SCARE ATTRACTION ** UK 2019 Dir: Steven M. Smith. 72 mins
Indie Genre filmmaking has become more accessible to the average person as technology and equipment have become increasingly affordable. The main hurdles left for prospective filmmakers is a great story and a half-decent budget. Although high budgets have been proven not to be the be-all and end-all of a successful horror film, as The Blair Witch Project (1999), The Evil Dead (1981) and One Cut Of The Dead (2017) has shown, it is a completely different challenge when your budget is a scanty £12,000, as is the case with Scare Attraction. But even such a meagre budget could be offset by a singular creative vision and the benefit of a unique and gripping story. When you also consider the fact that the film was shot in 4 days and filmed back-to-back with another Steven M. Smith production, Dead Again, you truly see how enormous the challenge would have been.
The plot to Scare Attraction is relatively straight-forward; Reality TV stars Peter (Elliot Cable) and Susie (Primrose Bigwood) attend a Halloween scare attraction in an effort to raise their profile. The pair are joined by a small entourage of managers, handlers and bodyguards.
After touring the Mafia, Boxing and Clown rooms, the entire group is led into the “crème de la crème” of escape rooms, where they are locked in and eventually gassed and fall unconscious.
When they eventually awake, the group find themselves bound and trapped in a puzzling torture chamber.
The limitations of low-budget filmmaking are often brutally obvious to the discerning viewer, but Steven M. Smith manages to accomplish something quite exciting in the early stages of Scare Attraction, regardless of the tight production turn-around, incredibly low budget and staggering workload. The film starts off with a mundane opening sequence, but the actual opening credits create a foreboding and intriguing atmosphere of what the filmmaker has in store for the viewer. The creature design is on full display during these clips and the potential for horror and gore is promising, while we are also semi-introduced to our protagonists.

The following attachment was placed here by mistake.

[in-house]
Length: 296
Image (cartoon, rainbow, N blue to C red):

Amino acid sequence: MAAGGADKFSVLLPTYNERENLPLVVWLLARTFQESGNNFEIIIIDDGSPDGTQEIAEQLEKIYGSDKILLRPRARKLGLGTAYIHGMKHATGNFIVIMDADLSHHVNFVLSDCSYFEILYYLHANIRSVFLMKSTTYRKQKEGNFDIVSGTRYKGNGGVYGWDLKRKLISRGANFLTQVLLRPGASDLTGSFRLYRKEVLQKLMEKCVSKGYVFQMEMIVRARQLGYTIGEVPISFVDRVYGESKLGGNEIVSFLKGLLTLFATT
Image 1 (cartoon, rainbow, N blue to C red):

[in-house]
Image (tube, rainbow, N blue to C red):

The found-footage, mockumentary style and obviously improvised dialogue could so easily have been a cliched hindrance, but instead Smith impresses with a wonderful extended no-cut scene, filled with quirky interactions, led by Jon-Paul Gates, who hams it up in all of his scenes as the tour guide. Gates is used sparingly, which is a shame, as his frequent pop-culture references and playful, charismatic performance is such a delight.
The sound design and score also stands out, as Darren Wonnacott (The Man Who Killed Hitler Then The Bigfoot) (2018) creates an energetic, menacing soundtrack which enhances the action without being too bombastic or distracting.
But, inevitably, it is in the execution of the story where it all seems to fall apart for Scare Attraction. Although Smith makes an attempt to explore the vapid and dismissive nature of celebrity culture and influence, all characters are shockingly underdeveloped and although it wouldn’t be a fatal error to have so many unlikeable characters, of which Peter and Susie are the most petulant and whiny, everyone seems pedestrian, stale and without any depth. The mystery is confused and fractured, with scenes bleeding into each other without rhyme, reason or discernible structure or purpose. It feels suspiciously as if the overlapping productions of Dead Again and Scare Attraction contributed to a chaotic and disorientated mixture of footage. The central mystery is equally undercooked, while the traditional post-Sixth Sense-style twist is astoundingly unearned and uninspired.
Scare Attraction is, unfortunately, a misnomer, as there are little to no scares and no interesting story or characters to attract the viewer.
Review by Louis Du Toit
Also available on DVD